California task force launches study of slave reparations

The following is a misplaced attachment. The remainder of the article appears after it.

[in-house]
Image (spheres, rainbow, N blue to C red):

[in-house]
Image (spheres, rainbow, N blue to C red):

SAN FRANCISCO (AP) — A first-in-the-nation task force in California to study and recommend reparations for African Americans met for the first time Tuesday. The nine members of the state task force include the descendants of slaves who are now prominent lawyers, academics and politicians. Black Californians continue to lag in home ownership, household income and education. Tuesday’s meeting comes as President Joe Biden commemorates the lives lost a century ago when a white mob killed people and burned buildings in a successful Black part of Tulsa, Oklahoma. California’s secretary of state said the task of its nine members is to determine ways to repair the harm.